Subject to Steve’s caveat regarding the definition of an “unfunded commitment agreement,” we continue our exploration of Rule 18f-4 with a focus on the treatment of such commitments under paragraph (e) of the new rule. Like paragraph (d), (e) applies only to business development companies, closed-end funds and open-end funds other than money market funds (“Funds”). We begin with a conceptual question: how can a contract to lend money and a contract to repay borrowed money both be “senior securities” under Section 18?

Future Payment Obligations Are the Key to 18f-4

The short answer is that a commitment to lend (or invest) money creates a “future payment obligation” for the Fund, as would a promise to repay a loan. “Future payment obligations,” a phrase used nineteen times in the release adopting Rule 18f-4 (the “Release”), are at the core of the rule. For example, it explains why purchasing an option is not a derivatives transaction under Rule 18f-4, because the option premium is paid in advance and the Fund does not have to exercise the option and pay the strike price, while writing an option is a derivatives transaction, because the Fund must deliver either cash or the underlying asset if the option is exercised.

An unfunded commitment agreement resembles an option in that, if the company elects to draw on the commitment and the conditions for drawing are satisfied, the Fund must pay its share of the drawing, which creates a future payment obligation.

Different Obligations, Different Risks

We discussed the risks addressed by Rule 18f-4 in a post regarding the first proposed version of the rule, so we will just summarize them here using terminology from the Release. First is the risk that a Fund will have enough ready cash to meet a future payment obligation or purchase the assets the Fund is obligated to deliver. The Release generally refers to this as “asset sufficiency” risk.

Second is the risk resulting from–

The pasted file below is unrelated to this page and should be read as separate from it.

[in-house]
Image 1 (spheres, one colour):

an investor achiev[ing] the right to a return on a capital base that exceeds the investment which he has personally contributed to the entity or instrument achieving a return.”

This will result when the aggregate value of a Fund’s portfolio exceeds its net assets. The Release frequently refers to this as “leverage” risk.

Any future payment obligation entails asset sufficiency risk. Bank borrowings and reverse repos present leverage risk as well because investing the proceeds in other securities increases the size of the Fund’s portfolio (its “capital base”) without increasing its net assets (because the liability offsets the added investments). Unfunded commitment agreements are intended to represent a subset of senior securities that should only result in asset sufficiency risk. Thus, unfunded commitment agreements should:

not present an opportunity for the fund to realize gains or losses between the date of the fund’s commitment and its subsequent investment when the other party to the agreement calls the commitment.”

In subsequent posts, we will use the presence of asset sufficiency risk and the absence of leverage risk to help identify transactions that should be treated as unfunded commitment agreements and explain how paragraph (e) addresses asset sufficiency risk.